Switching mobile networks is easier than switching governments

Unlike lots of people on the right, I like Owen Jones. He’s good natured and often challenges orthodoxy on his own side, and he’s a thought-provoking writer.  Having said that, I usually disagree with what he writes on economics. His Guardian piece this week, which called for the nationalisation of the UK’s mobile network operators, […]

A bankers’ ethics oath risks being seen as empty posturing

The suggestion put forward yesterday by ResPublica think-tank that we can restore consumer trust and confidence in the financial system, or prevent the next crisis by requiring bankers to swear an oath seems excessively naïve. Such a pledge trivializes the ethical issues that banks and their employees face in the real world.  It gives a […]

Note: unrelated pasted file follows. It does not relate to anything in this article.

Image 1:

An unpublished letter to the LRB on high frequency trading

Lanchester, John. “Scalpers Inc.” Review of Flash Boys: Cracking the Money Code, by Michael Lewis. London Review of Books 36 no. 11 (2014): 7-9, http://www.lrb.co.uk/v36/n11/john-lanchester/scalpers-inc Dear Sir, It is striking for John Lanchester to claim that those who believe high-frequency trading is a net benefit to finance (and by extension, society) “offer no data to support” […]

Is Uber worth $18bn?

James Ball, at The Guardian, thinks that Uber’s implicit $18bn valuation is “a nadir in tech insanity”. His case is that tech firms are overvalued because although investors know this, they always assume there are other “suckers” they can palm their securities off on. That is, they think the other guys are “behavioural” (falling prey to the sorts of biases detailed in […]

Markets do set rates: A reply to Julien Noizet

Financial analyst and blogger Julien Noizet has replied to my article on mortgage rates on his blog. It is a good piece, worth reading, but I still think I am right. It is perhaps true that Noizet is right too, because my claim was really very modest: in total, mortgage interest rates do not mechanically vary […]